David K. Shipler
The truckload of problems that new presidents suddenly face when they enter the Oval Office must not be enough for Donald Trump, because he is manufacturing his own to add to the pile. These are problems that did not exist beforehand. Some are inventions of his fertile imagination, others are new and damaging twists to old issues whose scars had long healed.
Here is a short list:
Mexico. As a cardinal rule of national security, you do not pick fights with a peaceful friend who shares a 2,000-mile border. You do not risk stoking anti-American radicalism that could bring an antagonistic government to power and turn your neighbor hostile. You do not endanger your security by jeopardizing the anti-drug cooperation that has developed. You do not provoke Mexico's president to cancel a visit to Washington. And if you don’t want more Mexicans to cross illegally into the US, you don’t make it hard for them to get decent jobs at home. By bullying companies not to build factories there and by imposing steep tariffs on their goods, you damage their economy and create more incentive to come to the US.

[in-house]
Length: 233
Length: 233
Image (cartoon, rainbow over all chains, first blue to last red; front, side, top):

China. If you want to address the actual, serious tensions that exist with China—trade, military expansionism, and the like—you don’t reopen the one-China policy by engaging with Taiwan, an approach with no gain for the US. If you’re a post-election Trump and you can’t resist tramping around awkwardly inside the carefully groomed garden of foreign policy, at least try to think more than one stomp ahead. And if you commit a clownish faux pas by speaking with the president of Taiwan, let it pass and be seen in Beijing as a rookie mistake. Don’t follow it up with threats to use some recognition of Taiwan as a bludgeon against China in other areas. Since Nixon, China has grown accustomed to the US accepting the fiction that Taiwan is just a Chinese province. It’s silly to us but essential to Beijing, which could probably invade and seize Taiwan before Trump could tweet, “Sad.”